- After blending consonants and vowels, syllables are blended into words and words are used in meaningful sentences.
- The language recodes the vowels and consonants of individual Spanish words into whistles.
- What specialists like Liberman are schooled in, is the rules for sound-shifts in vowels and consonants in any language across the centuries.
- The vowel letter e can represent a variety of sounds.
- The Lao alphabet also has 38 vowel symbols, representing 24 vowel sounds.
- While the consonant cards each represent a single letter, the vowel cards give a choice of two vowels and the wild cards represent any letter.
voweled (British vowelled) adjective
- [usually in combination]Example sentences
- The rhythm and the vowelled music of the long recitative presently acted upon one as a soporific.
- The vowel i is considered neutral and can therefore occur in both front and back voweled words, but when i occurs in all syllables the word is considered to be front voweled.
- Example sentences
- Unlike English, it wouldn't be a savings even in the long run, because once you gain experience in Hebrew, vowelless text is simpler and easier.
- It is the property of any vowelless consonant to get help from the consonant next to it as if that is a vowel and thus creating a conjunct.
- Frank Longo's vowelless puzzle in the Sun last October didn't take me nearly as long - I'm going to chalk that up to sleepiness.
Middle English: from Old French vouel, from Latin vocalis (littera) 'vocal (letter)'.
voice from Middle English:
A word derived from Latin vox ‘voice’ and is related to vocabulary (mid 16th century), vocal (Middle English), vocation (Late Middle English), and vociferous (early 17th century), while the verb vocare ‘to call’ appears in convoke (late 16th century) ‘call together’; equivocate (Late Middle English) literally ‘call by the same name’; evoke (early 17th century) ‘call out’; invoke (Late Middle English) ‘call upon’; provoke (Late Middle English) ‘call forth’; revoke (Late Middle English) ‘call back’; and vouch (Middle English) and voucher (early 16th century). Vowel (Middle English) is from Old French vouel, from Latin vocalis (littera) ‘vocal (letter)’. The Latin root survives in vox pop, ‘an informal survey of people's opinion’, which is short for Latin vox populi or ‘voice of the people’. When people refer to an ignored advocate of reform as a voice in the wilderness they are echoing the words of John the Baptist proclaiming the coming of the Messiah: ‘I am the voice of one crying in the wilderness.’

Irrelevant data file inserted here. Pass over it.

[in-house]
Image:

Words that rhyme with vowelavowal, Baden-Powell, bowel, disembowel, dowel, Howell, Powell, rowel, towel, trowel
For editors and proofreaders
Definition of vowel in:
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